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Non invasive ventilation


Non-invasive ventilation

Non-invasive ventilation

Published in Health & Medicine
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  • 2. Objectives:• Definitions• Advantages and Disadvantages• Indications• Contraindications• Modes
  • 3. Non-invasive ventilation“The delivery of mechanical ventilation to the lungsusing techniques that do not require endotracheal intubation”
  • 4. Background• Initially used in the treatment of hypoventilation with Neuromuscular Disease• Now accepted modality in treatment of acute respiratory failure
  • 5. Respiratory mechanics• Respiratory effort required for inspiration needs to overcome – Elastic work (stretch) – Flow resistance work ( airway obstruction)• Respiratory failure – forces opposing inspiration exceed respiratory muscle effort
  • 6. Respiratory failureFailure to maintain adequate gas exchange• Hypoxic ( Type 1) or Hypercapnic /Hypoxic (Type 2)• Acute /Chronic / Acute on Chronic
  • 7. Effects of NIV• Improves alveolar ventilation to reverse respiratory acidosis and hypercarbia• Recruits alveoli and increases FRC to reverse hypoxia• Reduces work of breathing
  • 8. AdvantagesNoninvasiveness• Application - easy to implement or remove• Improves patient comfort• Reduces the need for sedation• Oral patency (preserves speech, swallowing, and cough)
  • 9. Advantages 2• Avoid the resistive work of ETT• Avoids the complications of ETT – Early (local trauma, aspiration) – Late (injury to the the hypopharynx, larynx, and trachea, nosocomial infections)• Reduced Cost and Length of Stay
  • 10. Disadvantages1.System Slower correction of gas exchange abnormalities Gastric distension (occurs in <2% patients)2.Mask Air leakage Eye irritation Facial skin necrosis (most common complication)
  • 11. Disadvantages3.Lack of airway access and protection Suctioning of secretions Aspiration4. Compliance / claustrophobia5. Work load and supervision
  • 12. Which mode?• Hypoxaemia = CPAP• Hypercapnia and hypoxaemia= Bi Level
  • 13. CPAP CONTINUOUS POSITIVE AIRWAY PRESSURE (AKA PEEP) • Constant positive airway pressure throughout cycle • Improves oxygenation • Decreases work of breathing by alveolar recruitment (Dec elastic work) and unloads insp muscles • Decreases hypoxia by alveolar recruitment and reduces intrapulmonary shunt
  • 14. Indications • Acute pulmonary oedema • Pneumonia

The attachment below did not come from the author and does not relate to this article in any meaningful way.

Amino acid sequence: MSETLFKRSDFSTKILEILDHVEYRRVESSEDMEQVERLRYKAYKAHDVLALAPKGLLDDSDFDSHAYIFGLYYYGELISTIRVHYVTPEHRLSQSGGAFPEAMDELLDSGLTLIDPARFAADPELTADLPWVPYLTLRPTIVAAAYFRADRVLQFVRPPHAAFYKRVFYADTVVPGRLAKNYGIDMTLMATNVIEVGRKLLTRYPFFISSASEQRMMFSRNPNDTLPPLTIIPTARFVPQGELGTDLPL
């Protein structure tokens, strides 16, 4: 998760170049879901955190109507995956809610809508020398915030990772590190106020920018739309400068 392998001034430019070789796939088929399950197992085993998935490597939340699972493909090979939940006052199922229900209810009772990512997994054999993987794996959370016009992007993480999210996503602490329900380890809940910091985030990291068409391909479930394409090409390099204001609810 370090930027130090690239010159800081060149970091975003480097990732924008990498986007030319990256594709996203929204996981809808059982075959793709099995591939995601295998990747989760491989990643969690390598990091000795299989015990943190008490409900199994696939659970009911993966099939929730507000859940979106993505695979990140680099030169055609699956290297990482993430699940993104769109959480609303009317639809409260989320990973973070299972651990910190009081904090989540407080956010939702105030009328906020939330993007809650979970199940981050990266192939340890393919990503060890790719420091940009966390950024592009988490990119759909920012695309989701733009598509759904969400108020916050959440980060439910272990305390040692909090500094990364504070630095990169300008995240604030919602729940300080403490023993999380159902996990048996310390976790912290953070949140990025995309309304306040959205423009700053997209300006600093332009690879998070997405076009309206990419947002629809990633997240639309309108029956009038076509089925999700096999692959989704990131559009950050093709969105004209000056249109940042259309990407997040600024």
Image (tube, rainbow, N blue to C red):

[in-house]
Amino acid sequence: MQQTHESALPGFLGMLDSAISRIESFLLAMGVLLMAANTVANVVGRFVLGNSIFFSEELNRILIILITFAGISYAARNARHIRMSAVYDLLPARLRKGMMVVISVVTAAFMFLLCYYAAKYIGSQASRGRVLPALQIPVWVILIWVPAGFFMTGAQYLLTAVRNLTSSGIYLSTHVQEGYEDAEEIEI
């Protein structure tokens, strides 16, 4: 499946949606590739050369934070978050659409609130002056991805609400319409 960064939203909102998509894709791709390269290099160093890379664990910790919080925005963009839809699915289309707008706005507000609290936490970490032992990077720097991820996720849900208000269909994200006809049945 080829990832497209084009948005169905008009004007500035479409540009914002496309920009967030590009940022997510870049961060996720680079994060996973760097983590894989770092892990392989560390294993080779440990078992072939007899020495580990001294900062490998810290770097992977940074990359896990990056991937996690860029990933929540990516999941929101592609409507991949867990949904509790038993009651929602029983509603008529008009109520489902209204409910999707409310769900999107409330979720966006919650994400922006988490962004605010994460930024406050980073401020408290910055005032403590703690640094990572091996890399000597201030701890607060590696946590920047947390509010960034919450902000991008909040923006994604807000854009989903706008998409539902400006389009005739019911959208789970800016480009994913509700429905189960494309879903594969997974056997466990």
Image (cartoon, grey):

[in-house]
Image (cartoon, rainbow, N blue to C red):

• 15. Bi-level Pressure Support• Combination of IPAP and EPAPInspiratory PAP = Pressure SupportExpiratory PAP = CPAP
  • 16. Respiratory Effects Bi-PAP • EPAP – Provides PEEP – Increases Functional Residual Capacity – Reduces FiO2 required to optimise SaO2 • IPAP – Decreases work of breathing + oxygen demand – Increases spontaneous tidal volume – Decreases spontaneous respiratory rate
  • 17. Indications for Bi Level• Acute Respiratory Failure• Chronic Airway Limitation/COPD• Asthma?
  • 18. When to use NIV/CPAP• Indication: APO, COAD• Contraindications excluded• Assessment – Sick not moribund – Able to protect airway – Conscious/cooperative – Haemodynamic stability• Premorbid state / Ceiling of therapy?
  • 19. Contraindications• Impaired consciousness, confusion, agitation• Inability to protect airway• Excessive secretions or vomiting• Haemodynamic instability• Untreated pneumothorax• Bowel obstruction• Facial trauma, burns, recent surgery• Fixed upper airway obstruction
  • 20. Complications• Hypoxia• Pulmonary barotrauma• Reduced cardiac output• Vomiting and aspiration• Pressure areas• Gastric distension
  • 21. Ventilator Settings- LVF• CPAP at 5-8 and increase to 10-15 cm H20• Mask is held gently on patient’s face.• Increase the pressures until adequate Vt (7ml/kg), RR<25/min, and patient comfortable.• Titrate FiO2 to achieve SpO2>90%.• Keep peak pressure <25-30 cm
  • 22. COAD exacerbation: NIV• increases pH, reduces PaCO2, reduces the severity of breathlessness in first 4 h of treatment• decreases the length of hospital stay• mortality and intubation rates are reduced
  • 23. Ventilator settings COAD• Mode- Spontaneous/Timed• EPAP- 4-5 cm H20 IPAP- 12- 15 cm H20• Trigger- maximum sensitivity• Back up rate- 15 breaths/min• Back up I:E 1:3
  • 24. Setting It Up• No contraindications• O2 medical therapy underway• Explanation and reassurance• Correct mask size• Ventilator set up• Commence NIV hold mask in place• Reassure and fix mask• Monitor and observe, regular assessment
  • 25. Monitoring responsePhysiological a) Continuous oximetry b) Exhaled tidal volume c) ABG- Initial, 1, 2-6 hrsObjective a) Respiratory rate b) Chest wall movement c) Coordination of respiratory effort with NIV d) Accessory muscle use e) HR and BP f) Mental stateSubjective a) Dyspnoea b) Comfort
  • 26. Documentation• Mode of ventilation• Flow rate of oxygen, percentage of oxygen• TPR and BP• Respiratory assessment• Conscious level (GCS)Obs - 15 minutely for first hour, then hourly if condition stable
  • 27. Treatment Failure• Deterioration in condition• Worsening or non improving ABG• Intolerance or failure to coordinate with machine
  • 28. Treatment Failure• Back to the patient- ABC• Medical therapy optimised• Treatment of complications
  • 29. Criteria to discontinue NIV• Inability to tolerate the mask• Inability to improve gas exchange or dyspnoea• Need for endotracheal intubation• Hemodynamic instability• ECG – ischaemia/arrhythmia
  • 30. Withdrawal of NIV• Clinical improvement• Aim for – RR<24 – HR <110 – pH>7.35 – Sats >90% on <40%
  • 31. Most important THPs• Selection of patient really vital to success - need to have reversible pathology• Aim for gradual improvement over hours with good supportive nursing• In ED, main use is to avoid intubation / ventilation in LVF and COAD